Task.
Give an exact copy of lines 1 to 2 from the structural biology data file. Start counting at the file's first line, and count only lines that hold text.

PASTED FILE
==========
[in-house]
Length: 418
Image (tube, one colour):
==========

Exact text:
[in-house]
Length: 418